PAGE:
Moral standards protect from "whatever" mentality

As the political grudge matches drag on, even the most optimistic among us are bound to be cynical about the direction America is likely to take over the next few years. It bears remembering that the lawmakers of our national and state capitols are a smal l, though powerful, portion of the population of the United States. Ordinary citizens like us have power in the way we set and meet standards in our daily conduct.

Poor choices regarding standards are the root of many of our problems. We often simply choose not to even try to define the standard for "the right thing," so we are left to do "whatever." Our "question authority" society has decided to remain in its "ter rible twos," responding to every difficult standard with "Why?" then doing whatever seems easiest, regardless of the consequences.

At the college level, we see that if difficulties arise with the courses we take, or the lifestyle choices we have made, or the people with whom we have relationships-anytime things seem too hard to bear-we attempt to get those around us to lower the stan dards to our comfort level. It would be better if we put in a little more effort, seeking support if we need it.

To some struggling in a general education course, it is a waste. We are told the standard is too high and we are asked to change the rules so students can simply take classes in their own career area. What is ignored is that the standard is there to help us realize that our career area is just a tiny portion of life, and that we need to put in some time to learn about the other areas of life in order to be whole people.

Similarly, students who choose to go out partying before an exam want us to believe that the professor's standards are too high, and that only nerds with no life passed the exam. Everyone bombs an exam on occasion, and often it is because something else l ooked more attractive than studying, but we should not blame the professor. We must admit our mistake and study more for the next exam.

On a more drastic scale, a Tucson teen, Selfa Silva, chose to become sexually active and became pregnant. Scared of her otherwise supportive parents' reaction, she hid the pregnancy, gave birth in a friend's bathroom, and strangled the child. Recently, a judge ruled Silva would not be tried as an adult.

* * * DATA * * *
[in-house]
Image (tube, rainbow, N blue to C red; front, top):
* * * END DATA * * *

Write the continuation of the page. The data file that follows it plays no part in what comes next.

The whole situation is a sad one. Silva first lowered the standard of saving herself for a committed man in marriage. Then she made it harder on herself by not seeking help for herself and for the baby. Ultimately, the child's life was brought to an awful end, as the standard of respect for innocent life was lowered. Now our system struggles with where to set the standard for her trial.

We must firmly, but kindly, hold each other to reasonable standards, for the good of us all. If we respond to the brutality of this crime by seeking revenge in a sentence so severe that it is usually reserved for hardened murderers, we will only make a tr agic situation worse by hardening the weaknesses in Silva. At the same time, however, we do not want to set the dangerous precedent that cold-blooded murder somehow becomes more acceptable if there are extenuating circumstances. We cannot get the baby bac k, so we are left torn about what to do with Silva.

In our lives, we do not enjoy being told we are wrong. Today it is common to hear that we have the right to do as we please as long as we do not think we are hurting anyone else. This is an evasion of responsibility. Just because we have rights does not m ean that any foreseeable use of those rights is morally acceptable. We can and do harm others. This is true regardless of whether we have any religious beliefs.

If we do not set moral standards, it is true that no one will be discouraged by breaking them. But if we do not set moral standards, we will not like the results.

Kristen Roberts is an Arts and Sciences sophomore. Her column, 'Life in Balance' appears every other Thursday. Her homepage can be found at